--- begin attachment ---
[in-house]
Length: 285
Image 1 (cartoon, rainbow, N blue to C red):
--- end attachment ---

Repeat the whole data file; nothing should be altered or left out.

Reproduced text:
[in-house]
Length: 285
Image 1 (cartoon, rainbow, N blue to C red):